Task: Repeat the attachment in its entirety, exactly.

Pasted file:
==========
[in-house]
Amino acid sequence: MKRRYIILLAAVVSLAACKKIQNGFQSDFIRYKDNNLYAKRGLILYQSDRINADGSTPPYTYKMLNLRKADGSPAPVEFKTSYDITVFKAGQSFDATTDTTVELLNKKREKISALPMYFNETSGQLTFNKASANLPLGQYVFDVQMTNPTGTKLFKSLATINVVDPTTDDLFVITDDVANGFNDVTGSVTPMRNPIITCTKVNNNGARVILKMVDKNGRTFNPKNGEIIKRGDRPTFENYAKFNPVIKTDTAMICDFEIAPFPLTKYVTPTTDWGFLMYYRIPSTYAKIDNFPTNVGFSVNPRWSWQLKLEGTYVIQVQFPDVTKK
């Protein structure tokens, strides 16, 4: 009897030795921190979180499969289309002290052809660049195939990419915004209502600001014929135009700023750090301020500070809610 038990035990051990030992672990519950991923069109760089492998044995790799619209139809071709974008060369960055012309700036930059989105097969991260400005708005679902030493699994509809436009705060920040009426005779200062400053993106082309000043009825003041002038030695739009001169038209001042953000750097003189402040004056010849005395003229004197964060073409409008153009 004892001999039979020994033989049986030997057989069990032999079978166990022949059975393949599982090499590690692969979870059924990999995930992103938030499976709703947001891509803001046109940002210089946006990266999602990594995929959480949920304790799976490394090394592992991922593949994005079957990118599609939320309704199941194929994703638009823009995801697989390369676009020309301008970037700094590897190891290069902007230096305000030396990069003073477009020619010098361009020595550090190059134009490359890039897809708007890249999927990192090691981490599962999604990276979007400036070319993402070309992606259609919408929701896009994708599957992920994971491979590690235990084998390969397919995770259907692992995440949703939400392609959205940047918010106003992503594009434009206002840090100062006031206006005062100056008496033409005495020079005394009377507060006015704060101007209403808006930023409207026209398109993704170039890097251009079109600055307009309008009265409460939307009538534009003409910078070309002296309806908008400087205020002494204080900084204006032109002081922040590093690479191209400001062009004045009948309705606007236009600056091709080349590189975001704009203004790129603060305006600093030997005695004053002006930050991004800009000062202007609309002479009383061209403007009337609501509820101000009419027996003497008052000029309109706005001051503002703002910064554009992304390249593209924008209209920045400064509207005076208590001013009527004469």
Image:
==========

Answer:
[in-house]
Amino acid sequence: MKRRYIILLAAVVSLAACKKIQNGFQSDFIRYKDNNLYAKRGLILYQSDRINADGSTPPYTYKMLNLRKADGSPAPVEFKTSYDITVFKAGQSFDATTDTTVELLNKKREKISALPMYFNETSGQLTFNKASANLPLGQYVFDVQMTNPTGTKLFKSLATINVVDPTTDDLFVITDDVANGFNDVTGSVTPMRNPIITCTKVNNNGARVILKMVDKNGRTFNPKNGEIIKRGDRPTFENYAKFNPVIKTDTAMICDFEIAPFPLTKYVTPTTDWGFLMYYRIPSTYAKIDNFPTNVGFSVNPRWSWQLKLEGTYVIQVQFPDVTKK
């Protein structure tokens, strides 16, 4: 009897030795921190979180499969289309002290052809660049195939990419915004209502600001014929135009700023750090301020500070809610 038990035990051990030992672990519950991923069109760089492998044995790799619209139809071709974008060369960055012309700036930059989105097969991260400005708005679902030493699994509809436009705060920040009426005779200062400053993106082309000043009825003041002038030695739009001169038209001042953000750097003189402040004056010849005395003229004197964060073409409008153009 004892001999039979020994033989049986030997057989069990032999079978166990022949059975393949599982090499590690692969979870059924990999995930992103938030499976709703947001891509803001046109940002210089946006990266999602990594995929959480949920304790799976490394090394592992991922593949994005079957990118599609939320309704199941194929994703638009823009995801697989390369676009020309301008970037700094590897190891290069902007230096305000030396990069003073477009020619010098361009020595550090190059134009490359890039897809708007890249999927990192090691981490599962999604990276979007400036070319993402070309992606259609919408929701896009994708599957992920994971491979590690235990084998390969397919995770259907692992995440949703939400392609959205940047918010106003992503594009434009206002840090100062006031206006005062100056008496033409005495020079005394009377507060006015704060101007209403808006930023409207026209398109993704170039890097251009079109600055307009309008009265409460939307009538534009003409910078070309002296309806908008400087205020002494204080900084204006032109002081922040590093690479191209400001062009004045009948309705606007236009600056091709080349590189975001704009203004790129603060305006600093030997005695004053002006930050991004800009000062202007609309002479009383061209403007009337609501509820101000009419027996003497008052000029309109706005001051503002703002910064554009992304390249593209924008209209920045400064509207005076208590001013009527004469």
Image: